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Sennett Middle School’s Gaming Club – Learn About Game Design!

We recently adopted Sennett Middle School and some of their students wanted to know, What do you need to do to be a game designer? Myself along with fellow Filamentarian and game designer extraordinaire Abby Friesen set out to show them what it takes…

Our first order of business was introducing the concept of game design to eager students. We talked about flow, functionality, and prototyping before introducing a short game design challenge. The students had to design a paper-based game that involved “change” of some sort. It could be anything from the transformation of tokens to rule changes.

Since the students are familiar with The Filament Learning Games Library as well as other popular apps and video games, they started their discussions by trying to create complex MMORPG and digital app game dynamics. It’s fantastic that the students were so excited to create a large-scale game, but in order to fully explain the design process we needed to start a little smaller. Abby and I took a bit of time to explain that good game design starts with paper prototypes. The ideas that were being formed – as imaginative and intriguing as they were – would not translate well to paper and they only had an hour to work.

Game designers use paper prototyping for planning games – digital or otherwise. It’s low cost, easy to evaluate, and doesn’t need a programmer. When I first met Abby, she was creating paper cards, placing them on a grid, and using a random number generator on her phone to figure out an element of gameplay. It’s just easier to work things out on paper instead of putting a lot of time and effort into something that turns out to not be what the game needs.

Back to the students! Once we instilled in them the idea that they were creating their own paper-based game – we were off! It was wonderful to see the groups of three and four work together, combining elements of favored board games and other popular items. We had giant squishy dice, construction paper of all colors, and a multitude of colored pencils. We also had a very diverse group of students who were able to add their own insights and experiences into the game they were creating. It was great to see kids of all grade and ability levels collaborating together and adding their ideas and shine in their own way.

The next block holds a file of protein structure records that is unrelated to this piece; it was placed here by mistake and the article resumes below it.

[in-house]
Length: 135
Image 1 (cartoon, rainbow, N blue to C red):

One game called Meme-opoly (or Monopol-meme, depending on who you asked in the group) had players start as memes, such as Futurama Fry, Dat Boi, and Doge, and work cooperatively and competitively to get to the end of the board—sometimes even using other players as board tiles!

Another group created game rules and managed to incorporate the five elements of Wu Xing and rock/paper/scissors to apply to a pack of cards found in a team member’s backpack. A third group combined chess, Stratego, and checkers for a four-player game of chase and capture on a checkered board.

One game eschewed the traditional method of using dice to move tokens and instead had the user roll two dice, add them together, and then find the number on a strip of numbers. Depending on which number you were, you could advance to the next “level” of the game. It was clearly based off some sort of digital game and was entertaining to see how it was transferred to a physical format. Our final group created their own War card game with hand-made cards.

About forty-five minutes before the club was scheduled to end, we had everyone stop working on their game. It was time to put their games to the test by having a non-group member try to play their games. This was to mimic the beta testing process of game design. In short: can others understand your game and play it with the instructions you give them? It was a resounding success. Not only did students learn the process of teaching their games to someone else, they also gained the skill to reframe and refocus their directions when their first explanations didn’t make sense. This is a skill that can be used in multiple settings—while we didn’t emphasize it in our explanations; we hope that our students can utilize it in their daily lives.

At the end of our time, we had a presentation where everyone presented their game to the rest of the club. Hopefully, they will be able to play their games with others in future sessions! If you’re looking for a great game design activity – give this one a shot! We’d love to hear how it went, so be sure to let us know on our Facebook or Twitter!


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